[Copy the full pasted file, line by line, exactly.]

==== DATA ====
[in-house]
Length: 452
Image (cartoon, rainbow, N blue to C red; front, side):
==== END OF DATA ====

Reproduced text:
[in-house]
Length: 452
Image (cartoon, rainbow, N blue to C red; front, side):